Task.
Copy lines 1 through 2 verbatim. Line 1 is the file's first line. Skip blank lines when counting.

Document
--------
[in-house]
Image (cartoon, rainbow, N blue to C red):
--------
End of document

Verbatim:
[in-house]
Image (cartoon, rainbow, N blue to C red):